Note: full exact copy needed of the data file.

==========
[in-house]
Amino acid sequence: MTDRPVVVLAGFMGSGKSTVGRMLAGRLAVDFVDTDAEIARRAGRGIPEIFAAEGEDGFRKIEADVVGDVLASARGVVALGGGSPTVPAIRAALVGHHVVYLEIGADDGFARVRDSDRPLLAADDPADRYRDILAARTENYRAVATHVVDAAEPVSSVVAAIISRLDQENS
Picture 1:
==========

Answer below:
[in-house]
Amino acid sequence: MTDRPVVVLAGFMGSGKSTVGRMLAGRLAVDFVDTDAEIARRAGRGIPEIFAAEGEDGFRKIEADVVGDVLASARGVVALGGGSPTVPAIRAALVGHHVVYLEIGADDGFARVRDSDRPLLAADDPADRYRDILAARTENYRAVATHVVDAAEPVSSVVAAIISRLDQENS
Picture 1: